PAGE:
Pino says “anti-bribery and corruption legislation is another client concern. A recent amendment to the Spanish legislation on universal justice has created serious concerns as it declares that a company shall be the criminally liable in Spain for crimes committed abroad by its officers, employees, representatives or collaborators if the company is legally domiciled in Spain.” He adds: “At the same time the proposed amendments to the Spanish Criminal Code and Spanish Companies Act are going to intensify the liability of directors, so we are focused on preparing compliance programmes to prevent, control, monitor and cover the risks and liabilities associated with directors and officers”.
Juan Pablo Regojo, a senior associate in the litigation and arbitration department at Garrigues, says there has been a “huge increase in workload” with regard to compliance in the last 12 months. “The future amendment to the Criminal Code – that is being discussed by parliament – has alerted corporations,” he says. “Big companies´ compliance departments have intensified their activity in relation to the prevention of criminal risks.” Regojo adds that SMEs often contact their legal advisers to ask: “What is criminal liability of legal entities [in relation to the Spanish Criminal Code after its 2010 amendment], what are the implications for our day-to-day activity and how can I protect myself?” With regard to major international companies, Regojo says that one of their main concerns is whether the compliance procedures they have already put in place are sufficient to protect them in Spain and, if not, how they must be adapted to ensure that they are. He adds that other concerns include establishing whistle-blowing systems and how to manage internal investigations, for example, are companies able to inspect the professional email accounts of employees and, if so, under what conditions? Or, should they go to the public prosecutions service to self-report possible offences detected within the company?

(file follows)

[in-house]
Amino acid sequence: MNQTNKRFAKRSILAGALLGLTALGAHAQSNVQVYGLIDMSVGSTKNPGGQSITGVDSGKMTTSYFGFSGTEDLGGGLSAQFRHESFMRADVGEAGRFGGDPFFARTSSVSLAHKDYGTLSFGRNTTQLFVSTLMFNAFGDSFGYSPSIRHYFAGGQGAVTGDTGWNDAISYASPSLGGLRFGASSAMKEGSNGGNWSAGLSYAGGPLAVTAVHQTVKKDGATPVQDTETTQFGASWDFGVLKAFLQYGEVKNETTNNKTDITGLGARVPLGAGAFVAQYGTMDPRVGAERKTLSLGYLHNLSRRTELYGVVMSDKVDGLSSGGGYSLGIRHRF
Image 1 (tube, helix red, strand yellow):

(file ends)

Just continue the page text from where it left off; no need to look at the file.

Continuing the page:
To illustrate how compliance has developed as a practice area over the last decade, Alfredo Domínguez, partner at Cuatrecasas, Gonçalves Pereira, says that back in 2003, the tax department began giving advice to clients on tax compliance, but now compliance-related advice is given in relation to a range of issues such as anti-money laundering, anti-corruption, the environment and data protection. Now clients contact the relevant department depending on the aspect of compliance in question, Domínguez says. “For example, if it´s about the new Criminal Code, clients call the criminal law department.”

All aspects of business affected
Cecilia Pastor, partner at Baker & McKenzie Madrid and head of the corporate compliance department, says the Madrid office has put together a multi-disciplinary compliance task force that includes lawyers covering a range of areas including IT, tax, corporate, commercial, public and criminal law. “Compliance is an issue all over companies and requires input from all areas of expertise,” she says, before adding that the firm is in the process of developing specific tools to help clients – for example, Baker & McKenzie´s BakerPro service has developed software to assist in forensic IT investigations. She also says clients key concerns include their potential exposure to compliance-related matters. Pastor says: “Clients will ask ´do I have a problem? Or ´can you review my compliance programme?´”